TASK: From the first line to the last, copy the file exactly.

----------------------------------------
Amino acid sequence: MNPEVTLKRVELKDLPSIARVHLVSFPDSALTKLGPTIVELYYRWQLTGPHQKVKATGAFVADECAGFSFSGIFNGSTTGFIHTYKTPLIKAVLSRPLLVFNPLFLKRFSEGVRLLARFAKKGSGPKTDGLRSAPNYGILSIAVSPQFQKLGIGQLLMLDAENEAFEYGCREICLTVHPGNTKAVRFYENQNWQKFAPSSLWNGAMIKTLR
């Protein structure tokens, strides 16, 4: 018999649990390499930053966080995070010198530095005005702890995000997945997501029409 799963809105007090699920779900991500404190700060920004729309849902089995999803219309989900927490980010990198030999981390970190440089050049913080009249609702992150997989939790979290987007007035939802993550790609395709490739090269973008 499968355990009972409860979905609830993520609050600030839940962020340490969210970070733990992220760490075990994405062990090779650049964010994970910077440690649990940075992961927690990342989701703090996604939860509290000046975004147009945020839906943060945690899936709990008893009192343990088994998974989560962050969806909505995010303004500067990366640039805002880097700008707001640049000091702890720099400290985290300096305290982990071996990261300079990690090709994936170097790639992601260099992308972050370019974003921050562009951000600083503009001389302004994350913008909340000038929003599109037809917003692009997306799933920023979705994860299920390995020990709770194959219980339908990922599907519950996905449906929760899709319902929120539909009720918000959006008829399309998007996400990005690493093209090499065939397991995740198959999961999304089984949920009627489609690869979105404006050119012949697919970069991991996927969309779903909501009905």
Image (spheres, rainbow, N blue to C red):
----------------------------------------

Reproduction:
Amino acid sequence: MNPEVTLKRVELKDLPSIARVHLVSFPDSALTKLGPTIVELYYRWQLTGPHQKVKATGAFVADECAGFSFSGIFNGSTTGFIHTYKTPLIKAVLSRPLLVFNPLFLKRFSEGVRLLARFAKKGSGPKTDGLRSAPNYGILSIAVSPQFQKLGIGQLLMLDAENEAFEYGCREICLTVHPGNTKAVRFYENQNWQKFAPSSLWNGAMIKTLR
């Protein structure tokens, strides 16, 4: 018999649990390499930053966080995070010198530095005005702890995000997945997501029409 799963809105007090699920779900991500404190700060920004729309849902089995999803219309989900927490980010990198030999981390970190440089050049913080009249609702992150997989939790979290987007007035939802993550790609395709490739090269973008 499968355990009972409860979905609830993520609050600030839940962020340490969210970070733990992220760490075990994405062990090779650049964010994970910077440690649990940075992961927690990342989701703090996604939860509290000046975004147009945020839906943060945690899936709990008893009192343990088994998974989560962050969806909505995010303004500067990366640039805002880097700008707001640049000091702890720099400290985290300096305290982990071996990261300079990690090709994936170097790639992601260099992308972050370019974003921050562009951000600083503009001389302004994350913008909340000038929003599109037809917003692009997306799933920023979705994860299920390995020990709770194959219980339908990922599907519950996905449906929760899709319902929120539909009720918000959006008829399309998007996400990005690493093209090499065939397991995740198959999961999304089984949920009627489609690869979105404006050119012949697919970069991991996927969309779903909501009905």
Image (spheres, rainbow, N blue to C red):